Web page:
Epidemiology and Cancer Prevention
Food groups and risk of squamous cell esophageal cancer in Northern Italy
Article first published online: 15 JUN 2000
Copyright © 2000 Wiley-Liss, Inc.
International Journal of Cancer
Volume 87, Issue 2, pages 289–294, 15 July 2000
How to Cite
Bosetti, C., La Vecchia, C., Talamini, R., Simonato, L., Zambon, P., Negri, E., Trichopoulos, D., Lagiou, P., Bardini, R. and Franceschi, S. (2000), Food groups and risk of squamous cell esophageal cancer in Northern Italy. Int. J. Cancer, 87: 289–294. doi: 10.1002/1097-0215(20000715)87:2<289::AID-IJC22>3.0.CO;2-9
- Issue published online: 15 JUN 2000
- Article first published online: 15 JUN 2000
- Manuscript Revised: 27 DEC 1999
- Manuscript Received: 7 OCT 1999
- Italian Association for Cancer Research, Milan
- International Olive Oil Council, Madrid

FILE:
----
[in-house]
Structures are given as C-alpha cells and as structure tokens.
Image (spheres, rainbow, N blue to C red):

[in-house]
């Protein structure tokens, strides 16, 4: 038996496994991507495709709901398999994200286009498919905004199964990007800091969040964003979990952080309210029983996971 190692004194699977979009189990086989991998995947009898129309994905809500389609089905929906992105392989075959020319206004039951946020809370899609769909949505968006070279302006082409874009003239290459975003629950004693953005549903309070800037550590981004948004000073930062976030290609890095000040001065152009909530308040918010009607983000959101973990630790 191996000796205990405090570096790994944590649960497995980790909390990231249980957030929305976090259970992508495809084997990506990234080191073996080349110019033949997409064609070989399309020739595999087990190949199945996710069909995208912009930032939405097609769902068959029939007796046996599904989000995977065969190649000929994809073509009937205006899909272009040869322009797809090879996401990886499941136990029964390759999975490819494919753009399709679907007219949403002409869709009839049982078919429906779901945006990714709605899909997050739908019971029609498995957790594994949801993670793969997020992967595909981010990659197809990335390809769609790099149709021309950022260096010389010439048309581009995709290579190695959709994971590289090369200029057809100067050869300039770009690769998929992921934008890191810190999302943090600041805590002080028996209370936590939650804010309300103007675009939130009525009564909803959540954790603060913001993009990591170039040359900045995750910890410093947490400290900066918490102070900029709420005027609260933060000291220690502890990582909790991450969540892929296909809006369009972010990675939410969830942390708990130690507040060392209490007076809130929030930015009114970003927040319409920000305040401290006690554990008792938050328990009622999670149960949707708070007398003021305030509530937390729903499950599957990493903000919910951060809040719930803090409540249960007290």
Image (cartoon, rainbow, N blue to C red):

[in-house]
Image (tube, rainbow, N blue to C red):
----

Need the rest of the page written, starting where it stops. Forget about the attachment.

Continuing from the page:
To better understand the nutritional etiology of squamous cell esophageal cancer, we conducted a case-control study in 3 areas of northern Italy. A total of 304 incident, histologically confirmed cases of squamous cell carcinoma of the esophagus (275 men, 29 women) and 743 hospital controls (593 men, 150 women) with acute, non-neoplastic conditions, not related to smoking, alcohol consumption or long-term diet modification, were interviewed during 1992 to 1997. The validated food-frequency questionnaire included 78 questions on food items or recipes, which were then categorized into 19 main food groups, and 10 questions on fat intake pattern. After allowance for age, sex, education, area of residence, tobacco smoking, alcohol drinking and non-alcohol energy, a significant increased risk emerged for high consumption of soups (OR=2.1 for the highest vs. lowest quintile), whereas inverse associations with esophageal cancer risk were observed for pasta and rice (OR=0.7), poultry (OR=0.4), raw vegetables (OR=0.3), citrus fruit (OR=0.4) and other fruit (OR=0.5). The associations with dietary habits were consistent in different strata of tobacco smoking and alcohol drinking. Among added lipids, olive oil intake showed a significant reduction of esophageal cancer risk, even after allowance for total vegetable consumption (OR=0.4), while butter consumption was directly associated with this risk (OR=2.2). Our results thus provide further support to the evidence that raw vegetables and citrus fruit are inversely related to the risk of squamous cell esophageal cancer and suggest that olive oil may also reduce this risk. Int. J. Cancer 87:289–294, 2000. © 2000 Wiley-Liss, Inc.